Alicia Rizzi and Marcy Taylor
We met in jail. You read that right! We both worked for Weber County Sheriff’s Office, as correctional officers, when we struck up an intense friendship. From that friendship the most magnificent relationship was forged. For the last 9 years we have had the privilege of not only being partners, but being best friends as well.
When thinking of how to put on paper our story, it felt impossible. How do you show the middle of the night comforting sessions for our children when they get sick or have bad dreams? How do you render, with proper timbre, the family singing songs in the car while traveling across so many states for family vacations? How do you articulate the pain of homophobic slurs being hurled at a family of five minding their own business in a bookstore?
Instead of using my words to explain our relationship, I reached out to family and friends to explain who we are. This is what they had to say:
“Two people who love, balance, honor and respect one another just as they are. Never trying to change the other, just completely supportive and unbreakable!!!”
“You are two of the most supportive, strong hearted, encouraging, nurturing women I’ve had the fortune to meet, making a life together against the odds. The beauty lives in the way you approach life together and it overflows to those lucky to know you.”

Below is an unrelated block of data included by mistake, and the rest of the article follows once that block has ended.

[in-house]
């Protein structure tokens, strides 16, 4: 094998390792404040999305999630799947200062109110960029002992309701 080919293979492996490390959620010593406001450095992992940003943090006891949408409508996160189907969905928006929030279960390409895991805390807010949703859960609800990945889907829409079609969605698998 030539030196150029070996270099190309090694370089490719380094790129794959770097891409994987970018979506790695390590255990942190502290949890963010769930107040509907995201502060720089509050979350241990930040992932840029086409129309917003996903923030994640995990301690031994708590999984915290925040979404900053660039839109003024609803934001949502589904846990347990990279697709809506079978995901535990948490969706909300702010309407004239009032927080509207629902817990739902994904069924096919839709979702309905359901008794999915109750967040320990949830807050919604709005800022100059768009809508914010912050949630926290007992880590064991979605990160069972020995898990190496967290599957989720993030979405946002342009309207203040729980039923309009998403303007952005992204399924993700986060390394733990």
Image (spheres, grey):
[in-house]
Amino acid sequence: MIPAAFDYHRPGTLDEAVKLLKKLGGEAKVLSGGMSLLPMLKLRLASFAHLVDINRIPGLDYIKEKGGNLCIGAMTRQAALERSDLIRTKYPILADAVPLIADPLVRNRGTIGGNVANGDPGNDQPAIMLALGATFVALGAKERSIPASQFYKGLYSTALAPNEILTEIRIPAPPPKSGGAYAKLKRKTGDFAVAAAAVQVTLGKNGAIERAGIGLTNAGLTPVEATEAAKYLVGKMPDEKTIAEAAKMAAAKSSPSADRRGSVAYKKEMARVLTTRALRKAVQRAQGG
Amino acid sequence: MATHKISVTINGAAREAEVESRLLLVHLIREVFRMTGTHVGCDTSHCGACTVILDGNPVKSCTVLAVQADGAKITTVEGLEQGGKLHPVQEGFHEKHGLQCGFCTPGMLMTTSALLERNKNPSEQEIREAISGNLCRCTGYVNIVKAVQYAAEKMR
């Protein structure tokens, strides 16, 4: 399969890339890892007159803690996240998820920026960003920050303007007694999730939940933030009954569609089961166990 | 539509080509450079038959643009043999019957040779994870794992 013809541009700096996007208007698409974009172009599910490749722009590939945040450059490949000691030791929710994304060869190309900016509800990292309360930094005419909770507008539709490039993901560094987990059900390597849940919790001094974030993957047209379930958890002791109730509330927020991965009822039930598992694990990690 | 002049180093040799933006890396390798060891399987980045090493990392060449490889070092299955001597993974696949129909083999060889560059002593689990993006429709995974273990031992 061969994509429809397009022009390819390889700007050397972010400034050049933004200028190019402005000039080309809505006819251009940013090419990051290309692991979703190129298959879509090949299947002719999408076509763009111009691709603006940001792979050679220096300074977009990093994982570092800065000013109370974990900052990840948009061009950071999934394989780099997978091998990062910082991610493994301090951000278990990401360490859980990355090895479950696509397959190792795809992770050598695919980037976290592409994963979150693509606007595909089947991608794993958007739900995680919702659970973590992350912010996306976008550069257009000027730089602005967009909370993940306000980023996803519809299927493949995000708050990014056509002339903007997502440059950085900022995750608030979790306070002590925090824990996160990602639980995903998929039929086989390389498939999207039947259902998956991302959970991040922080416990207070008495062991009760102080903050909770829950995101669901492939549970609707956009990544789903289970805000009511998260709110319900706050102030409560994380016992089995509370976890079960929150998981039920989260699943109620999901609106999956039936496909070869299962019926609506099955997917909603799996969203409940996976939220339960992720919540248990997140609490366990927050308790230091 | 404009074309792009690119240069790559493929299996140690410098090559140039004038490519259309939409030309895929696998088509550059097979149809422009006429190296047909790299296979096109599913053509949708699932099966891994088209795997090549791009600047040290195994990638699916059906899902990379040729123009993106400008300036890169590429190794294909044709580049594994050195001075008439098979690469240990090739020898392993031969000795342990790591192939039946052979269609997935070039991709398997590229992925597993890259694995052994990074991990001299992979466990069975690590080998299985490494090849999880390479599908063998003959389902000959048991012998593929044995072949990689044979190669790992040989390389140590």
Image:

“Two souls entwined, balancing and complimenting each other. Two people who love, honor, respect, support and challenge each other and in doing so, touch all who know them. They make me smile and get a warm glow in my heart.”
It was on a December evening, as I sat with friends at a local pub, that Rizzi asked me to marry her. I was unaware of the changes made by the Federal courts, invalidating Amendment 3. It took no thought. Of course I would marry the person I had already committed myself to.
On Christmas Eve our family (kids, parents, sister and her family) arrived at the home of Amy Wicks, a city council member for Ogden City. It was a bitter sweet day. The rush to marry, before a stay was put in place, had me angry. This is not how I imagined we would marry one another. I wanted a party. I wanted a Halloween wedding, with costumes, black cakes and an open bar. I wanted written wedding vows that would make my parents cry. I wanted to be treated normal. I wanted to be something more than a rush job. But as we faced each other, staring into the eyes of the woman I have loved for nine years, the wants disappeared and the realization that we would be protected legally set in. I cried. She cried. And as we kissed and our tears intermingled, I realized our family was protected. As I hugged our kids a new notion of taking care of them was born. Our kids would no longer be relegated to status of “other”, as they could proudly proclaim their moms as married.
But the euphoria would only last 17 days. The insurance card in her wallet, that claims she is single, will remain a lie until the court process is completed. Our children hang in legal limbo. But what is sustained are the very things my friends and family wrote about our relationship. We still love with a fierceness that can never be defined by paper. We still respect, love, cherish and enjoy our day to day family life. That euphoria will remain much longer than 17 days. It will take an eternity for us to be apart.